The last time a lepers’ colony existed in the mainland U.S.A, was in the Leper Home in Louisiana, established in 1894 and renamed the National Leprosarium in Carville in 1917, which located between Baton Rouge and New Orleans. Indeed, the lepers’ colony served as an educational source for infectious diseases students and residents, with profound, unforgettable and lasting effects on those who had visited (author’s personal experience, over 4 decades ago). It closed in 1999 due to the lack of funding and later transformed into a historical museum for leprosy. Currently, the outpatient leprosy clinic is operating in Baton Rouge, L.A. At present, there is only one Leper’s colony left in the U.S.A, Kalaupapa in Hawaii, on the island of Molokai, with six elderly residents who have voluntarily stayed behind due to major deformations and fear of rejection by society. Children with leprosy exhibit significant decreases in the salivary total antioxidant capacity compared to healthy controls (p < 0.001) [17]. In the early stages of the disease, multi-antibiotic therapy (rifampicin, dapsone and clofazimine), which has been used since 1982, can cure patients [14]. Although therapy is proven to protect and be effective when prescribed before nerve injuries, if not treated, then the symptoms will advance to deformation and loss of extremities, such as the fingers, toes, nose, ears and lips, as well as blindness, with the possibility of irreversible damage. The patients, who suffer from exaggerated hyperactive immune responses, which are generated against very low numbers of bacterial loads, can create an impotent confounding factor for the management and treatment of leprosy [18]. Yet, Jesus had no fear to be near the lepers, nor to speak or touch them or being touched by lepers. It was not until the last century when early clinical studies (1922) showed spontaneous inactivation or self-healing in some leper populations, specifically children, who were followed up less than one year [19]. Subsequent trials lasting for over 25 years confirmed that some pediatric populations developed only minor or no symptoms. Even some patients with early lesions of leprosy may experience their infection become stabilized, or even experience their lesions disappear entirely due to effective immune responses, which trigger self-healing [20,21]. In South India, 11% of those with paucibacillary [22] and 78% of infected children from Culion Island in the Philippines [23] showed self-recovery, thus demonstrating that leprosy is not a highly contagious disease. These findings further proved that leprosy occurs only in a limited number of people, possibly in those with immunity predisposed to the disease. It is hypothesized that the hypothiocyanite anion, with antimicrobial oxidizing effects, present in the lower airways in the lungs, may protect against infection; while a lack of the agent in nasal and the orbital cavity may increase susceptibility to infection with M. leprae bacilli [18]. After over two millennia, still the mystery of leprosy has not been fully solved; yet unfortunate Hansen’s disease patients now are not recognized as sinful and not forced out of society, nor scared off to the margin of the towns in the fear of spreading the horrifying and disfiguring malady.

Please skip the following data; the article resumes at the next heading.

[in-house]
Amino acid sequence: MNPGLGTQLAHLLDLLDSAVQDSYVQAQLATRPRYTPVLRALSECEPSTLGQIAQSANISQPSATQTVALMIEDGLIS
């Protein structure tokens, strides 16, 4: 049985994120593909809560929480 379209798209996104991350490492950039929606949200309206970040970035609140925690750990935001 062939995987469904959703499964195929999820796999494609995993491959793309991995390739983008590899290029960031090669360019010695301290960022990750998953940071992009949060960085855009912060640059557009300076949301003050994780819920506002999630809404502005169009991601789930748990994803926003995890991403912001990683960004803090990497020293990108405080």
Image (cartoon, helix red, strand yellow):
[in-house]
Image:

In conclusion, this communication overview explores the past and the present state of saliva and leprosy to encounter possible mystery and/or wisdom in the ancient art of healing as in the mixture of “sputum and dirt” as reported in biblical times.